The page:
“When I established the organization at 2015, I was shocked by the numbers  of women, divorced, and widows in need of great support on so many levels. They needed financial, legal, and health support.” she says.  “There were many people working, but with little and limited capacities. many organizations are not seriously addressing these issues. A well capable and financed staff is a must, with a great margin to work in. It is not possible to be able to function in the regime’s areas.”

At the center of the children of the martyrs in Tishreen suburb, the only place where educational vocational services are available to families of the dead, Maram sits at the sewing training room; the place where she chose to learn a profession rather than begging. She didn’t have access to proper education as her family is poor, much like many of her colleagues in the training center. Most of her peers trainees are females. Nearly half of them are widows, and the rest are mothers and sisters of wounded men enlisted at the “National Defence Forces” as civilians, which lowers their benefits for wives and children. Their compensation is only a few thousand liras and individual aids once a year with no salary.

Dr Mazen Zowan, director of the association, believes that “Women are more affected than men, despite the claims that men are . Most of the women joining the training come from the far countryside. They are uneducated, and the Syrian regime does not provide compensation because their men are not officially enlisted in the army, but the National Defence forces. They suddenly had to become providers without any profession that could spare them begging. The association is trying to fulfill the gap with so few capabilities and support.

The vocational training session must be followed by psycho-social support session at the Syrian Arab Red Crescent Center at Al-Amerkan area in Latakia. Maram cannot conceive of the benefits of of these sessions. Maram’s fiend told her that the organization is giving aid after each session, which is Maram’s best hope. The young woman’s thoughts drift away during her training practices with Rabab Ghazi. Rabab says that “Such sessions are essential and useful for Maram, and other widows. These women are usually facing daily-basis abuse. The community is not ready to accept this stratum, and rehabilitate it.”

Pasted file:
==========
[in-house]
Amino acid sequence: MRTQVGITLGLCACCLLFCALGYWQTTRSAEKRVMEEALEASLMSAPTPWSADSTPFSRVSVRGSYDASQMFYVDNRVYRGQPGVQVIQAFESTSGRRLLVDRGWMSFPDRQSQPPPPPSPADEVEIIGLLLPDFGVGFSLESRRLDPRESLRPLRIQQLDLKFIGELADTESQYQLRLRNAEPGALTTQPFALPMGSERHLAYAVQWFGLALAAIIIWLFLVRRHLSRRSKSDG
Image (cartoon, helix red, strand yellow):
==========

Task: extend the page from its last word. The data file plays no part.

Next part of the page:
“Considering the current restrictions, the psycho support awareness is a difficult task for the working teams. Such support does not reach the far suburbs”, Rabab says. “However, there has been some positive outcomes with women who were able to overcome post-trauma issues caused by the loss of their husbands. Still, the most essential task is to prepare the community to accept them – there has been no success in that matter yet”

Maram double checks her bag on her way back from the training sessions to make sure she has enough money to pay for transportation. She does not want to make the same mistake she did two months ago when the driver offered her an insulting exchange as payment, although he was a relative and he knew she was a “martyr’s widow”. She hold tight on her precious bags of rice and sugar.